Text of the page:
Many of us are aware of DNA, the molecule often nicknamed our “genomic book”. Ever since the structure of DNA has been revealed, scientists have been working 24/7 to understand how it works, and how we can manipulate it.
With today’s technology, more than 60 years after revealing the structure and composition of DNA, we can mutate, add on, or take off sections of our genome and utilize it to our benefit.
Now after years of research, scientists from California have been able to take it one step further by adding letters to the book.
Before we dive into our news item, let’s take a few minutes for some background. If you have knowledge about DNA and how it encodes protein, you can skip this section:
Imagine if you will, the english alphabet (A-Z). Twenty-six letters mixed together can create millions of words. These words then come together to create stories…or blog posts.
Our genomic alphabet is comparatively small. In fact, it only has four letters; A, T, C, and G. Each “letter” is a symbol for molecules. A is Adenine, T is Thymine, C is Cytosine, and G is Guanine (note: RNA replaces thymine with uracil (U), we will not discuss this today). These molecules are commonly called bases.
These molecules pair up together to make the double stranded DNA helix we all know and love today. The two strands are bound together by bonds between these four bases. A will bind with T, and G will bind with C
These molecules make up your genes. Each gene is a long strand of the four bases, and thus affect the functionality of your gene.
Some of you may be asking, how exactly a gene works. Well, here is a quick introduction.
Take for example a sample gene we have created below
This gene is one DNA strand that will eventually turn into a protein. It is proteins that then travel throughout the cell and perform various functions that we think of as genes (eye color, hair color, etc..)
In order for DNA to create a protein, it must first be converted into RNA. RNA is very similar to DNA, with only slight differences between the two. RNA is single stranded rather than double stranded, and rather than having thymine as one of the “letters” it has uracil (U). Thus in RNA, A will bind to U. RNA is made from the template DNA strand and is complementary.
So taking our example,
The complementary RNA strand would look like this,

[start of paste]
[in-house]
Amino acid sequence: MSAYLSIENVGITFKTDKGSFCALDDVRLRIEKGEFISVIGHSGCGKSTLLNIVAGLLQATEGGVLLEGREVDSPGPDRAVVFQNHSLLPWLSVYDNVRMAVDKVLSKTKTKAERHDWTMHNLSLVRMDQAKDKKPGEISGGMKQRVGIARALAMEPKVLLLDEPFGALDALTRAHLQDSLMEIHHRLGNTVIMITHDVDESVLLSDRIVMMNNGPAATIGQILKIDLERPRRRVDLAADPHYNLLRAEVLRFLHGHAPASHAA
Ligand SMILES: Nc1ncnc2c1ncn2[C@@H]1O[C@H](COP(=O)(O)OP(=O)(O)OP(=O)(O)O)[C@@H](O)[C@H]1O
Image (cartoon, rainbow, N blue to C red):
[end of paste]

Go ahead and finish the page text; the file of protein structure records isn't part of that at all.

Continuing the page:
Once the RNA strand has been synthesized, it will be used as template to make proteins. In order to make proteins, RNA is read by another molecule (called the ribosome) that will make “words” out of the letters of RNA.
Our example RNA molecule will be read three letters at a time (commonly called codons)
UAA CAA GCC CUA AGA AGC UUU ACC
These codons then are used as a guide to make protein. Every protein is made up of 20 components called amino acids. The 3 letter words above will thus code for an amino acid to make protein (note; there have been a few other amino acids discovered, but are extremely rare and will not be discussed today). These 20 amino acids will then fold together to make complex and specific protein structures.
UAA CAA GCC CUA AGA AGC UUU ACC
Looking at the example above, we see that there are 2 codons that encode for the same amino acid. This is due to the amount of possible codons and amino acids. As mentioned, there are 20 different amino acids. With the four letters of DNA and RNA, there are 64 possible codons. Thus, multiple codons can correlate to the same amino acid in the code.
Now to our news item!
Scientists have recently been able to add two more letters into the genetic code.
Why would it be beneficial to add letters to the genetic alphabet? Going back to our book analogy, imagine if the english alphabet received an additional two letters. These letters can in turn add thousands and thousands of word to our language. These words in turn can be used in stories you read….or blog posts.
In the genetic book, adding new bases allows us to incorporate synthetic amino acids (not found in nature). Now rather than being stuck with 64 different codons, with two more bases, we now have 216 (over 3 times the amount) of codons to work with, each being able to potentially incorporate new amino acids.
This will allow us to change the structure of proteins and how they function, and thus change gene expression.
The research done by these scientists included modifying a famous protein, dubbed green fluorescent protein (GFP for short), a protein that glows a bright green color.
While the alterations made to the gene did not directly affect the function of the protein, this is just the beginning of altering our code in a new way to fight diseases and unlock more clues about the evolution of life.
It is very exciting to be at the forefront of this research. We are sure that in the upcoming months more will be revealed and utilized with this technique.The Copernicus Called crew is excited to read and share more as the research is expanded.
As always, if you have questions or comments, do not hesitate to comment on this blog or email us directly at firstname.lastname@example.org.
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As always, remember to be curious and stay mindful!
Written By: Cody Wolf
The background information was supplied from my knowledge during my undergraduate and graduate career. If you have any questions, you can contact me via our email. I would also recommend visiting this page to see descriptive videos on how DNA makes protein.
- Cover Picture Source- http://blogs.timesofisrael.com/ethical-legal-and-social-concerns-with-genetically-modified-human-embryos/
- Callaway, Ewen. ‘”Alien’ DNA makes proteins in living cells for the first time.” Nature News. Online. https://www.nature.com/news/alien-dna-makes-proteins-in-living-cells-for-the-first-time-1.23040?WT.ec_id=NEWSDAILY-20171130&utm_source=briefing&utm_medium=email&utm_campaign=20171130
- Zhang, Y. et al. Nature http://dx.doi.org/10.1038/nature24659 (2017).